Day 11: Vancouver was home to the first true Canadian comic book (and comic super hero)…

The Maple Leaf Publishing Company, headquartered at 849 Homer Street in Vancouver, was the third largest of Canada’s wartime comic companies and the only one located outside of Eastern Canada. During World War II, U.S. comics were deemed “non-essential” imports under Canada’s War Exchange Conservation Act in 1940, so four Canadian companies decided to get into the game and a home-grown comic book industry was born.

A Better Comics cover featuring Brok Windsor from July 1946.

In fact, Maple Leaf is generally viewed as the publisher of the first true Canadian comic book. Their Better Comics Vol.1, No. 1 came out in March ’41 and was initially full-colour and priced at 15 cents. Later, to save production costs, Maple Leaf produced comics with black and white interiors, known as Canadian Whites, this move allowed them to drop the price to ten cents an issue.

Better Comics also introduced the first Canadian superhero –  artist Vernon Miller’s Iron Manwho appeared in the first issue of Better Comics.  Iron Man was the “lone survivor of an advanced, subterranean civilization”, and was “summoned to the surface world to aid humanity”.  His powers – “great strength, speed and the ability to leap vast distances” were similar to those of the early Superman. Iron Man’s costume was minimal, consisting of “blue swim-trunks, while boots (red or blue) were optional”. [ Not to be confused with Marvel Comics’ Iron Man, who was first introduced in 1963.  Therefore, it could be said that Vancouver is the birthplace of the first “Iron Man”!]

Other super heroes like Brock Windsor, Deuce Granville, Senorita Marquita, Bill Speed, Stuff Buggs, and the Black Wing were introduced to Canadians on the pages of the comics published by Maple Leaf.

In addition to Better Comics, Maple Leaf published Bing Bang Comics, Lucky Comics and Name-it Comics (later renamed Rocket Comics).

After the war ended, American comics were once again available for sale in Canada. Unable to compete, sadly, by late 1946 Vancouver’s Maple Leaf Publishing was out of the Canadian comic business.

 

Local History Advent Calendar 2018 – Day 10

When I am researching one topic I often come across random historical tidbits that I think might be interesting to research one day.  These tidbits sometimes end up as full-fledged stories and sometimes they just stay as random historical tidbits.  I have collected quite a few, so I thought it might be fun to present them in the form of “treats” for a local history advent calendar. Think of them as holiday cocktail party fodder – 24 facts about Vancouver history that can be used as conversation starters at your next social event.

Day 10: Steveston was once known as Salmonopolis…

Vancouver Daily World Aug 14 1897

Steveston was once the salmon town of Canada. So many canneries set up shop there that it earned the moniker, Salmonopolis – the city of salmon. Newspaper stories from the 1890s/1900s about the canning industry in Steveston used the dateline: Salmonopolis.

Portion of the key plan of the Steveston canneries, 1915 – Charles E. Goad, June 1915.

By the 1890’s, Steveston was a full-fledged salmon boom-town with a fishing season population of 10,000. Fishers of Japanese, Chinese, First Nation and European heritage flooded into “Salmonopolis” and canneries lined its shores along the Fraser. Salmon was King! So much so, that the over 120-year-old Steveston Hotel was once called the Sockeye Hotel. Manager Harry Lee opened The Sockeye Hotel and Club in the spring of 1895. It seems that when Lee opened the hotel, Salmonopolis, or Steveston, was also a popular destination for those participating in the “bicycle craze” of the 1890s. He made sure that the Sockeye Hotel was the “headquarters for bicyclists”.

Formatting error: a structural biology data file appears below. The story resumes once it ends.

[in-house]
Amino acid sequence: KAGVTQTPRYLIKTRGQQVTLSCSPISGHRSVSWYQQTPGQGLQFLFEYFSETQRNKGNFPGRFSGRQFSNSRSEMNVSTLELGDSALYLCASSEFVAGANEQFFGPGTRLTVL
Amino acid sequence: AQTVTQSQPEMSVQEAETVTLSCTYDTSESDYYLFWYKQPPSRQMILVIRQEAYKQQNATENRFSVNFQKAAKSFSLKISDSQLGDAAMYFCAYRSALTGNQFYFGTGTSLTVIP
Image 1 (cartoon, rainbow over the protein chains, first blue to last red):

Vancouver Daily World, 1895

I think Salmonopolis would make a great name for a Steveston-based craft beer – Salmonopolis Saison, anyone?

 

Local History Advent Calendar 2018 – Day 9

When I am researching one topic I often come across random historical tidbits that I think might be interesting to research one day.  These tidbits sometimes end up as full-fledged stories and sometimes they just stay as random historical tidbits.  I have collected quite a few, so I thought it might be fun to present them in the form of “treats” for a local history advent calendar. Think of them as holiday cocktail party fodder – 24 facts about Vancouver history that can be used as conversation starters at your next social event.

Day 9: Athletic Park was Vancouver’s first purpose-built baseball stadium…

Athletic Park was sited atop an escarpment overlooking industrial False Creek at the south end of the Granville Street Bridge. Bob Brown, the owner of the Vancouver Beavers Baseball Team, known locally as Mr. Baseball, built it on land leased from the CPR on the southeast corner of West 5th and Hemlock. Brown purportedly cleared the land for the park himself using dynamite and a pickaxe! Over 6,000 baseball fans were in attendance for the park’s opening day on April 17, 1913.

Exterior of Athletic Park ca. 1920. Photo: COV Archives, CVA 99-870.

Mainly used for baseball, Athletic Park also hosted other sports like football and lacrosse, as well as labour and political rallies. Athletic Park was also notable for the first time a night game was played illuminated by floodlights in Canada.

Bob Brown bought the Capilanos baseball team with the help of Capilano Breweries Ltd in 1939. This team would eventually evolve into the Vancouver Mounties and later the Vancouver Canadians. Brown sold Athletic Park to Capilano Breweries Ltd. owner Emil Sick in 1945, but stayed on as manager until 1954. Athletic Park’s Capilano Stadium was home to the team until 1951 when a new Capilano Stadium (now Nat Bailey Stadium) opened on Little Mountain. It’s said that some of Athletic Park’s turf made it to the new stadium, ensuring that at least a piece of Vancouver baseball history would live on.